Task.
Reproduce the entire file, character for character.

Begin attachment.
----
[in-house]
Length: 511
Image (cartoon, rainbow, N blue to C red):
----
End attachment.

[in-house]
Length: 511
Image (cartoon, rainbow, N blue to C red):